ETUG Spring 2013 - Possibilities & Constraints to a Flipped Classroom Approach by Amrit Mundy and Diane Goossens
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This session reviews our thinking, decisions, and constraints around changing a complex, content-heavy, one day Systemic Thinking workshop (“the ability to see and work with systems”) to a blended …
This session reviews our thinking, decisions, and constraints around changing a complex, content-heavy, one day Systemic Thinking workshop (“the ability to see and work with systems”) to a blended model using the flipped classroom approach. This workshop was originally a one-day workshop, open to any UBC employee, with use of their professional development funds. In 2012, based on a review of the content, design, participant feedback, and resources related to the workshop, we decided to implement a flipped classroom approach (online learning modules followed by a face to face workshop) to allow participants more time to reflect on concepts in their own time, and to practice the ideas with facilitators, during the face to face session.
During this session, we will provide a 15 minute overview that will include a quick walk through of some background to the workshop, the reasons for, and constraints within, the re-design process, a brief look at the redesigned, blended workshop, and participant evaluations before and after the re-design.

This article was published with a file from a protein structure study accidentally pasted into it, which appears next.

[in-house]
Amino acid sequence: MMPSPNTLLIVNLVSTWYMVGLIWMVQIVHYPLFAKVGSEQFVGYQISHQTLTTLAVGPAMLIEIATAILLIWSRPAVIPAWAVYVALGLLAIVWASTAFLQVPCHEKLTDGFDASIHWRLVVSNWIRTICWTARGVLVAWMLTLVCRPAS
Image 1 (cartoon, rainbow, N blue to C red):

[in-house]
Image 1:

The next 20 minutes will involve participant in small group work. During this time participants will have the opportunity to both, work with systemic thinking concepts in an educational technology context (for e.g. MOOCs or flipped classrooms), and to recommend improved learning design to us based on this brief experience. Given our increasing complex worlds, having the ability to understand and influence systems is a key competency for designers of educational technology.
During our session we plan to touch on and highlight certain aspects of this workshop re-design that we needed to consider carefully. We plan to touch on these both, during our overview, and during participants small group work. These aspects are:
(i) Workshop participants needed some knowledge and understanding of systems thinking frameworks before they could explore the concepts meaningfully in the workshop;
(ii) Due to the complexity of the content and frameworks, workshop participants needed sufficient soak time to reflect on, and absorb, the content before being able to apply it;
(iii) To do full justice to participant learning, we believed that workshop should support participants to practice, and work with, systems thinking using examples from their personal and professional contexts. We felt that this was an essential step towards being able to practice systems thinking after the workshop, in their workplaces.
We are particularly interested in the idea of flipped classrooms, and making use of non-classroom time to support deep, situated learning for our participants. In addition, we think that a flipped classroom approach might help us work around some resource constraints that staff development faces at universities.